NSA phone data collection 'not illegal', US court rules
A US appeals court has overturned a ruling that deemed the National Security Agency's (NSA) bulk collection of phone records to be illegal.
District of Columbia judges said the plaintiffs had failed to prove they had been targeted for NSA surveillance.
Judges in a separate case in New York in May ruled the programme illegal.
It is not clear what the latest ruling means, as Congress has since passed legislation phasing out the NSA's bulk collection of Americans' records.
The agency's spying was revealed in 2013 by Edward Snowden, a former NSA contractor who has since fled to Russia.
It collected data about numbers called and times, but not the content of conversations. It also allegedly spied on European firms, as well as high-profile individuals including German Chancellor Angela Merkel.
The ruling on Friday in the District of Columbia reversed a preliminary ruling in 2013 by a lower court which said the NSA programme was "probably unconstitutional and almost Orwellian".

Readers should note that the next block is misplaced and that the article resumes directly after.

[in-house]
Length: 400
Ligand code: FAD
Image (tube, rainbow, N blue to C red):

But judges said the case should not continue because the people that brought the case - activist Larry Klayman and the parents of an NSA employee killed in Afghanistan - fell "short of meeting the higher burden of proof required for a preliminary injunction".
Congress in June passed legislation aimed at scaling back the programme in the coming months and ending bulk collection of Americans' records.
Bulk data collection rulings
- NSA phone surveillance first revealed in June 2013 by Edward Snowden
- Federal judge in Washington rules in December 2013 that mass collection may be unconstitutional
- A week later, a New York district judge says it is legal
- House of Representatives passes bill in May 2014 to end NSA bulk collection
- A few days later, President Barack Obama tells Congress to pass a bill ending the practice
- Congress did so this summer, and programme will end in November
The new measures are not due to take effect until December.
The new law requires telecoms companies to store data, instead of US intelligence agencies, and to hand over any information in response to a government request approved by a secret counter-terror court.
The Snowden revelations in June 2013 caused an international outcry, despite US administrations insisting the programme had been fully authorised.